On the drive, Eliezer commented that composing-as-work was a form of hell, even though he enjoyed composing. He explained that it was a terrible burden to have to write out a symphonic piece and make sure the voices never overlapped with each other. He needed to say that it was terrible, and he framed it as a life lesson. "Every type of work is hard.", he explained. "If it's a hell for me to compose, just think..!" We talked during the whole ride, pretty much. He wanted to know what my plans were, what my goals were, what I was doing with my life, when I'd stop leeching off my parents. I answered most of his questions with "I don't know.". When I admitted what I'd like to do is design games, but that I've never designed a game, he criticized me for saying something and not acting on it.

He said that if I didn't have any work or plans, maybe I could be some sort of manager for him? Maybe run a website for him, make contacts for him. It was an odd request, to be sure. I figure he doesn't leave his house much, and doesn't know who to turn to for something like that. He ought to have known that I am not the right person for such a job. He must have really been out of his element when not dealing with music. I found a suitable excuse to get out of the choice- It was odd that he'd consider me a suitable organizer, when I wasn't organized myself! Nonetheless, he kept looking for ways I might help him. Maybe I knew of (and could point him to) any concert halls in Beit Shemesh which have two good grand pianos? Unfortunately, I don't.

I asked him why it was so hard to find two good grand pianos, anyway, and he responded with questions: "Why is anything in the world not the way it should be? Why was school depressing? Why can't people always do what they like to do? It's the same reason." "In other words,", I countered, "you're saying that you don't know." "It's an olam sheker-", he said, "a false world. The way it should be is that each person is required to do what he likes to do."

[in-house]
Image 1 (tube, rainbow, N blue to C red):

He told me that the same year I left the academy, he was finally forced out for good by internal politics- more specifically, certain people in power who didn't like him. And now? He wasn't making any money right now, but was always hard at work. He worked all day long, and yet was meeting little success. He had to ask his wife to work more, so that she could support them. His wife sounds very understanding.

"In Russia, there was a time when I started writing pop. There was a time when some of the most popular bands in Russia were playing my music. I was getting offers nonstop from big groups.

"But I found that it corrupted my style. When I tried to go back and write a classical piece, I could not do it. I could not write serious music anymore. So I turned the offers down, and went back to classical. It took a long while, but I recovered."

I asked him if any of his children were interested in music. He said none of them were. He said it very plainly. "That's a shame.", I said. What else could be said? This isn't the world we ought to be living in.

We were headed to a music store- "Olam Hap'santerim" ("Piano World"). The reason being that this was the only place he could find with more than one good grand piano. He was going to pitch his improvised-duets concept to the store's owner, and I was along to help him demonstrate. If this guy went for it, Eliezer could make this a regular thing again. As we were still in the car, Eliezer apologized preemptively to me, should the night not go the way I was expecting. I said that wouldn't bother me, so he would have nothing to apologize for. Over the course of the drive, he apologized many times for various things. He seemed to be afraid he was offending. Or maybe he's just learned that it's best to err on the side of caution when other people are involved.

As we entered Tel Aviv, we noticed how secular it all is. I said I didn't like the place. I don't like how hard it is to find a kosher place to eat in it. Eliezer said he liked Tel Aviv. Why?, I asked. "Because Tel Aviv likes me!", he smiled. A few years earlier, he was a big hit here.